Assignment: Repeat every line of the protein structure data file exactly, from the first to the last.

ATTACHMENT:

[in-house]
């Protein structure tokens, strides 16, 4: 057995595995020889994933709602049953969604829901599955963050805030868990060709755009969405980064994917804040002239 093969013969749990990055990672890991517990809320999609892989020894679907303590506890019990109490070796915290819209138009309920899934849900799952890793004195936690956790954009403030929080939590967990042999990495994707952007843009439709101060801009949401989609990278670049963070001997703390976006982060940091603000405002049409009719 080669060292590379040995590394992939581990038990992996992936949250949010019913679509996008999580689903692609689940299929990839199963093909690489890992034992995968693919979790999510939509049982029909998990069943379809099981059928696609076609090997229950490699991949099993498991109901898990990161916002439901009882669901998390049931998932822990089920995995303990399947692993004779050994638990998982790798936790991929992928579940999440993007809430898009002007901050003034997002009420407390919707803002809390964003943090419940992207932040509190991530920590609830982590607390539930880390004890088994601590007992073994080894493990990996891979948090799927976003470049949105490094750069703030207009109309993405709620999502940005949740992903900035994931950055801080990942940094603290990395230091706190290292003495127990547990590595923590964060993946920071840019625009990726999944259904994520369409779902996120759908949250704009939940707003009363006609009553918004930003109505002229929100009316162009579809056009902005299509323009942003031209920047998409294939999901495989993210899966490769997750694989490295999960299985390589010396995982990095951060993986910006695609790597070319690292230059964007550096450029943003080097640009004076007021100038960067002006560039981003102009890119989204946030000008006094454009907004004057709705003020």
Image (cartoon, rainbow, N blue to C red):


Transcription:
[in-house]
């Protein structure tokens, strides 16, 4: 057995595995020889994933709602049953969604829901599955963050805030868990060709755009969405980064994917804040002239 093969013969749990990055990672890991517990809320999609892989020894679907303590506890019990109490070796915290819209138009309920899934849900799952890793004195936690956790954009403030929080939590967990042999990495994707952007843009439709101060801009949401989609990278670049963070001997703390976006982060940091603000405002049409009719 080669060292590379040995590394992939581990038990992996992936949250949010019913679509996008999580689903692609689940299929990839199963093909690489890992034992995968693919979790999510939509049982029909998990069943379809099981059928696609076609090997229950490699991949099993498991109901898990990161916002439901009882669901998390049931998932822990089920995995303990399947692993004779050994638990998982790798936790991929992928579940999440993007809430898009002007901050003034997002009420407390919707803002809390964003943090419940992207932040509190991530920590609830982590607390539930880390004890088994601590007992073994080894493990990996891979948090799927976003470049949105490094750069703030207009109309993405709620999502940005949740992903900035994931950055801080990942940094603290990395230091706190290292003495127990547990590595923590964060993946920071840019625009990726999944259904994520369409779902996120759908949250704009939940707003009363006609009553918004930003109505002229929100009316162009579809056009902005299509323009942003031209920047998409294939999901495989993210899966490769997750694989490295999960299985390589010396995982990095951060993986910006695609790597070319690292230059964007550096450029943003080097640009004076007021100038960067002006560039981003102009890119989204946030000008006094454009907004004057709705003020």
Image (cartoon, rainbow, N blue to C red):